Dallas paramedic running for Congress can’t prove claim that he was a 9/11 Responder

Christopher Suprun, a Texas Electoral College member who refused to vote for Donald Trump for president, is one of nine candidates running to fill the vacated seat by former Congressman Blake Farenthold. Farenthold resigned after a sex scandal became public right before the House Ethics Committee was about to rule on his misconduct. He has yet to repay the U.S. Treasury Department $84,000 of taxpayer money used to settle the claim.

Suprun is an independent who lives in Dallas, an area nowhere near the Coastal Bend-based 27th Congressional District of Texas. He made national headlines after Trump won the election when he wrote in a New York Times op-ed that he wouldn’t vote for Trump as a member of the Electoral College.

In it he claimed: “Fifteen years ago, as a firefighter, I was part of the response to the Sept. 11 attacks against our nation.”

But the local Dallas television station WFAA looked into his claim, reporting that no records could be found to support it.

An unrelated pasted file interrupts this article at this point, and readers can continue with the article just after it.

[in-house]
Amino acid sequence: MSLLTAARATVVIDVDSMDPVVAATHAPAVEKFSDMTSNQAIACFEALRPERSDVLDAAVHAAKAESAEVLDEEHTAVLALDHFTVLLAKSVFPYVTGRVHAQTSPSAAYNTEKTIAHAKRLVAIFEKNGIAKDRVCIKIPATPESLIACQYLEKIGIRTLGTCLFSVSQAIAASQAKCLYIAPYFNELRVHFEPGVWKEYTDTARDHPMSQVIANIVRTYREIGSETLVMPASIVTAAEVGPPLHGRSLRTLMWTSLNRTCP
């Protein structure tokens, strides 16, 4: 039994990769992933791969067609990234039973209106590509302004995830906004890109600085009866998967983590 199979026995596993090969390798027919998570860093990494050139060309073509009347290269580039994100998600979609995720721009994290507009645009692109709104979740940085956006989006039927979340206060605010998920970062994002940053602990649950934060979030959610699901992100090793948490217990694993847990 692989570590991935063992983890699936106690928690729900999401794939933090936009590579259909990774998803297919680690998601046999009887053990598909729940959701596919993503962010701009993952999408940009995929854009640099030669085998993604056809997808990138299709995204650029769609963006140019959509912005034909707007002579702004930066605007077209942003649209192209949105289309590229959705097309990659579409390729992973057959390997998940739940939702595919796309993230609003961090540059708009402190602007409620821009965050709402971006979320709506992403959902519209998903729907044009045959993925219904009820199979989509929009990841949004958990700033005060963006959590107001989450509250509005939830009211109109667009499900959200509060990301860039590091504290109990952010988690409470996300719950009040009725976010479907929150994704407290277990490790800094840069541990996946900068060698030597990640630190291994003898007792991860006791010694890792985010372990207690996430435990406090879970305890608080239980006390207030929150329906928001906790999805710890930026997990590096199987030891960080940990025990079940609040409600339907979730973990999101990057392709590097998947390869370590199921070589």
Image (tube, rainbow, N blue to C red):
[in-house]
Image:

According to USA Today, Suprun told the news network that he volunteered for the volunteer fire department in Dale City, Virginia, near Washington, D.C. However, there are no records to prove his claim.

USA Today contacted the Dale City department, and discovered a December 16, 2016 Facebook post that stated, “Suprun was an active member in good standing” on 9/11. However, the department also stated that no firefighters were on duty from 6 a.m. to 6 p.m. on Sept. 11.

Suprun told USA Today, “Let’s put it this way. I’m not sure how to prove I was somewhere doing what I was supposed to be doing because I didn’t take a selfie.”

On Suprun’s campaign website he reiterates his dislike for Trump:

“In December 2016, I warned America that Donald Trump would be a burden to us as President. Like others who had been involved in politics, it was clear that he did not have the temperament or judgment to serve in that capacity.”

Suprun is a paramedic. He has zero political experience.

After the May 22 runoff election the winners will be added to the November 6 ballot. Whoever wins will serve a two-year term beginning in January 2019.



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